Seventy years ago, out of the ashes of a world war, America and our allies and partners built a rules-based international order — one based on the principles of the rule of law, free peoples and free markets, open seas and open skies, and peaceful settlement of disputes.
Put simply: These ideas have changed the fortunes of the United States and Asia forever, and for the better. Our nation enjoyed access to resources that fueled broadly shared economic growth at home and a stability that kept another world war at bay, benefiting Americans from all walks of life, while an unprecedented era of peace and prosperity lifted hundreds of millions of Asians out of poverty and toward self-sufficiency.
None of this was preordained. And the rules-based order is not self-sustaining. America and our allies have made the choice to uphold and defend this order. We do so because it is profoundly in our national interest. And with challenges mounting from China’s assertive behavior in the East and South China Seas to North Korea’s increasingly dangerous nuclear threat, this is the stand we must take again. This is not just a choice for President Donald Trump. As a coequal branch, Congress must do its part to strengthen our alliances, deepen our diplomacy, and protect our interests.
A simple yet valuable first step would be to affirm America’s broad, bipartisan commitment to defend our allies when they are threatened. Prime Minister Abe’s visit is the right moment for President Trump and Congress to reiterate what Mattis asserted last week: that the Senkaku Islands are administered by Japan and therefore fall within the scope of Article 5 of the US-Japan Treaty of Mutual Cooperation and Security, and that the United States will oppose any unilateral attempts to undermine Japan’s administration of these islands.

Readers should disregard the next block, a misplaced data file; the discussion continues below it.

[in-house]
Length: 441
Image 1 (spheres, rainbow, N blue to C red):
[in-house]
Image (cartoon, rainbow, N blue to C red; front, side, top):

Our military should continue to fly, sail and operate wherever international law allows, including where China’s excessive and militarized maritime claims erode the freedom of the seas.
On the Korean peninsula, the administration must work with the South Korean government to assure a capable multilayer extended deterrence architecture, including accelerating the deployment of the Terminal High Altitude Area Defense, or THAAD, system to protect against North Korea’s missile threat. Doing so is important for civilians threatened everywhere, from Seoul and Tokyo to Seattle, as North Korea prepares to test an intercontinental ballistic missile that can deliver a nuclear payload.
Our success in the region is not just based on military might, but on our values as well, and must also be matched by smart and agile diplomatic engagement and the full range of American influence. There are also significant opportunities to work with our allies and partners to deepen and broaden Asia’s own emerging architecture, include the Association of Southeast Asian Nations, or ASEAN.
As a Pacific nation, the United States recognizes that much of the history of the 21st century will be written in the Asia-Pacific region. Now is the time to engage, not retrench. We stand ready to work with the administration to do just that.